University of Bristol awarded £100m to drive ‘tech for better futures’ research
A new £100m institute, based in the centre of Bristol, is set to transform the way we create, utilise and evaluate new digital technologies to benefit our society now and in the future.
In a unique collaboration, University of Bristol engineers will work with social scientists and with tech giants, corporations, local government and community partners to answer these big questions and create transformational technologies for the future.
The Bristol Digital Futures Institute (BDFI) will be based at the University’s new Temple Quarter Enterprise Campus in the heart of the City of Bristol’s buzzing new Enterprise Zone.
This international leading research facility is being funded by a £29m grant from the Research England UK Research Partnership Investment Fund (RPIF), which has received more than double that in £71m of match funding (£16m philanthropy and £55m from 27 partners including organisations such as BT, Dyson, the BBC, Airbus and Aardman).
- BDFI will involve 200 people in its research and innovation contributing over £180m to the economy over 10 years.
- Funding will create a 6,000sqm collaborative co-creation space on the new campus. Facilities will include a state-of-the-art interactive auditorium and the world’s first reality emulator enabling the study of future digital systems at scale.
- These cutting-edge labs will allow researchers to study a range of scenarios, from emerging challenges in future cities; protecting ourselves against cyber-attacks on critical infrastructure; and exploring how digital technologies are experienced by different social groups. This knowledge will be shared to help create a better digital world.
- With the UK digital sector projected to be worth £200bn by 2025, the Institute will be ideally placed to investigate the implications of living in a data driven society.
- The Bristol-Bath region alone is a globally significant digital technology cluster in the UK, with more than 60,000 digital workers across the aerospace, digital technologies, digital creative and Internet application industries.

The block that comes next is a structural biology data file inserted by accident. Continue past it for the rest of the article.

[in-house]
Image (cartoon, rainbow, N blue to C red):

Professor Hugh Brady, Vice-Chancellor of the University of Bristol, said: “So many of the research solutions to contemporary global challenges are now discovered through creative collisions at the interface of traditional academic disciplines.
“The new Bristol Digital Futures Institute will apply this multidisciplinary paradigm to exploration of our rapidly evolving digital world. We are creating a unique research ecosystem where world-class engineers, computer scientists, social and behavioural scientists, psychologists and legal scholars can work shoulder to shoulder with our partners from industry, social enterprises and civic organisations exploring the opportunities and challenges posed by new digital technologies.”
Professor Nishan Canagarajah, Pro-Vice Chancellor for Research at the University of Bristol, said: “This funding announcement is fantastic news for the University, the city of Bristol and the wider region.
“It provides an opportunity to think about our futures differently – to build on expertise from right across the university in collaboration with industry, government and people in the City; to think about the world we are creating with digital innovation and ensure that this ethical, socially responsible and inclusive - helping to support the creation of future ‘tech with a conscience’.
“It will add further to the University of Bristol’s growing reputation as a global leader in responsible sociotechnical innovation, and the epicentre of a unique partnership ecosystem where public participation and citizen co-creation is key.